A world without abortion is unsustainable for Black women. The barriers that exist to basic healthcare make it a fundamental necessity to have the constitutional right and unobstructed access to terminate a pregnancy we cannot carry to term. If you hold the belief that a person should not exercise their constitutional right to terminate a pregnancy under any circumstances, I challenge you to read to the last paragraph. Open yourself up to the possibility that there is more room for discussion, more opportunities for compassion, and that a world can exists where allowing Black women to choose for themselves, devoid of judgment, when to be pregnant.
Every day we make dozens of decisions: what to wear, what to eat, and with whom to spend our precious time, among other things. Some of us are privileged to have more decision-making power than others. And all decisions are made in the context of our everyday lives; where we live, what we look like, into which circumstances we were born, etc. One consequence of decision-making is being given the benefit of the doubt by the people around you; that is, being trusted that you are deciding for yourself the best thing to do. Unfortunately, this value isn’t extended to everyone, especially not Black women who still bear the burden of genuine mistrust. Keep reading »
I previously wrote a piece for The Frisky that briefly detailed the racism I discovered while working on a research thesis on prostitution in New York City. I explained to readers that in the sex work industry, White, Asian and Hispanic women receive higher payments than their Black counterparts and often times, many Black women are blatantly discriminated against. I also stated that the racist reality Black women face in sex work simply offers a glimpse into the world of racism that women of color face daily, in mainstream society. Many rushed to criticize that piece, claiming that such disparities in pay are as a result of “individual preference,” not because of racism, since we are after-all, “post-racial.”
However, as I stated previously, sometimes racism rears its head in such an ugly way that it can no longer be denied. Such an instant arose recently when Sande Alessi, a White female casting director posted this casting call (which has since been removed) or a new upcoming film “Straight Outta Compton.” The ad read:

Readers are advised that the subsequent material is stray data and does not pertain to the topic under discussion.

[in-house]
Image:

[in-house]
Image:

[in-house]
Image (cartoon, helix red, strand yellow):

SAG OR NON UNION CASTING NOTICE FOR FEMALES-ALL ETHNICITIES- from the late 80′s. Shoots on “Straight Outta Compton”. Shoot date TBD. We are pulling photos for the director of featured extras. VERY IMPORTANT – You MUST live in the Los Angeles area (Orange County is fine too) to work on this show. DO NOT SUBMIT if you live out of the area. Nobody is going to be flying into LA to do extra work on this show – and don’t tell me you are willing to fly in. Keep reading »
When a Topshop customer in the UK came across this necklace while shopping at the chain store, she complained to a customer sales representative and was told that the necklace was “acceptable, because it was vintage style” and therefore “not racist.” The necklace depicts an early 19th century stereotype of East Asians — as Refinery 29 explains, “The charms bear an uncanny resemblance to the caricatures in anti-Chinese propaganda cartoons of the 1880s, when the Chinese Exclusion Act and all its institutionalized, dehumanizing policies were in full effect.” Is that what the clerk meant by “vintage”? The stereotype has always been racist — it didn’t become racist when we decided to acknowledge it as such — and it’s racist now. What’s next, Mammy hair fascinators? Ugh. [Refinery 29] [Photo: @summoningesther]
Saturday evening on her Instagram profile, R&B singer Ciara debuted a new hairstyle: waist-skimming loc extensions. The style, a temporary version of the loc-ed hair many Black people of all genders sport, sparked discussion both among fans and style outlets.
One in particular, People magazine’s StyleWatch section, posted a story Tuesday about Ciara’s newest mane and stirred a dialogue about far more than trendy summer hair colors. Associate Style Editor Brittany Talarico noted that Ciara is set to wed fiancé Future in a “very elegant affair,” then said immediately afterward in parentheses that the wedding was “another reason [People thinks] she’ll ditch the dreads.”
While the phrase has since been removed, the undertones of Talarico’s words were not lost on some Black readers. YouTube comedienne, natural hair guru and Upworthy curator Franchesca Ramsey pointed out People’s words on her blog shortly after the article was posted. A Black woman with dreadlocks herself, Ramsey noted that the article suggests Ciara could not possibly want to keep her loc extensions for an “elegant” wedding—meaning the locs extensions themselves cannot be elegant. Keep reading »
“You guys know about vampires? … You know, vampires have no reflections in a mirror? There’s this idea that monsters don’t have reflections in a mirror. And what I’ve always thought isn’t that monsters don’t have reflections in a mirror. It’s that if you want to make a human being into a monster, deny them, at the cultural level, any reflection of themselves. And growing up, I felt like a monster in some ways. I didn’t see myself reflected at all.” — Junot Díaz
As a kid, I never tried to sneak out of the house. It’s not that I was a stickler for the rules (sorry, Mom) — it’s just that all the wonders I could ever want to explore didn’t exist outside the confines of my home. They were waiting for me when I woke up each morning, tucked neatly into the hallway bookshelves whose ever-expanding ranks housed J.K. Rowling, Leo Tolstoy, Judy Blume, and Sarah Dessen. Keep reading »